Case 3 -
Pulmonary Venous Infarct Secondary to Intravascular Carcinoma
Kirk D. Jones, UCSF, San Francisco, CA
Virtual Slides as well as Still Images are displayed below.
For the fastest viewing of virtual slides, click:
under each thumbnail image below. You must have Aperio ImageScope installed on your PC.
Or, click on slide thumbnail images to view each slide
If you do not already have Aperio ImageScope, Windows users with administrator privileges may download and install a free version in order to view USCAP Virtual Slides. Click the icon on the right to get your free copy: ||
in a Web-based slide viewer, which is somewhat slower.
If you have any difficulties viewing these slides, email or call George Clay at +1.724.449.1137.
82-year-old woman with abnormal chest x-ray. A CT scan shows two adjacent right upper lobe nodules,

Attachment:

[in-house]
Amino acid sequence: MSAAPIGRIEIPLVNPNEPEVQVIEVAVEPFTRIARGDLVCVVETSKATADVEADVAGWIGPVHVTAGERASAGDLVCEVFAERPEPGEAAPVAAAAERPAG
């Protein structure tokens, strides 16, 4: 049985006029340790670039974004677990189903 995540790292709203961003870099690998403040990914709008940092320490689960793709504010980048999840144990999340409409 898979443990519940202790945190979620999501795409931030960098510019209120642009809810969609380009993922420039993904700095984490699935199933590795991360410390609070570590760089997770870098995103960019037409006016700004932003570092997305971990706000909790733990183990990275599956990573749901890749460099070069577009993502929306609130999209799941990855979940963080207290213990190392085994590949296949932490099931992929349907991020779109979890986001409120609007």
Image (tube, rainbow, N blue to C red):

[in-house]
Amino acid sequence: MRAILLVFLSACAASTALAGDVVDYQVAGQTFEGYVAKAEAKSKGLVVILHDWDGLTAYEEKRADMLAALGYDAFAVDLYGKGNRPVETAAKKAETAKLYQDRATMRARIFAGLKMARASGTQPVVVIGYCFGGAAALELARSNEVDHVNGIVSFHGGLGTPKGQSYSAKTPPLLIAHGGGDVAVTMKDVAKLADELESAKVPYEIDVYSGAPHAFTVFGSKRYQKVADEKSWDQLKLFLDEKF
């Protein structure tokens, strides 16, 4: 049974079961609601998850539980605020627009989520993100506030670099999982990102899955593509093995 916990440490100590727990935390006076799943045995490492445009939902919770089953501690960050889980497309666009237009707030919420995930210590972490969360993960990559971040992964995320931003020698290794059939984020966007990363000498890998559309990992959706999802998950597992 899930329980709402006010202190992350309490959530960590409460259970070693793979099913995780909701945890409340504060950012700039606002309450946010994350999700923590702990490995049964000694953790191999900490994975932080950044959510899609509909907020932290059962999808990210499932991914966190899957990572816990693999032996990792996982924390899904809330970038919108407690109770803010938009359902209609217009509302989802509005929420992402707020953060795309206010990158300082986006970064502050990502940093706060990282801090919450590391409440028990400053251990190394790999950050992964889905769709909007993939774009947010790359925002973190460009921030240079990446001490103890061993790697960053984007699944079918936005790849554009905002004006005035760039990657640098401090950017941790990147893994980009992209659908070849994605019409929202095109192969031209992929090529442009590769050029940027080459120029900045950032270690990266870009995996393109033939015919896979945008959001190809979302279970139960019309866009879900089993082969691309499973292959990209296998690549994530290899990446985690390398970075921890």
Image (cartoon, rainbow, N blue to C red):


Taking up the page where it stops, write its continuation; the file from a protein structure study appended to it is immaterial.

both approximately 8 mm in diameter. A right upper lobe wedge resection was performed (9 x 3.5 x 2.8 cm)
that showed a 1 cm diameter nodule.
Pathological/Microscopic Findings and any Immunohistochemical or Other Studies:
Microscopic description: Sections of the nodule demonstrate a nodule with coagulative central
necrosis. There is a surrounding reaction with edematous granulation tissue. Small satellite nodules
are noted. An EVG stain supports the finding of coagulative necrosis and reveals that the small
satellite nodules show a single layer of peripheral elastica and are consistent with obliterated veins.
On higher magnification, the veins show occasional highly pleomorphic cells with large, angular,
hyperchromatic nuclei and prominent nucleoli. Immunohistochemical stains show expression of keratin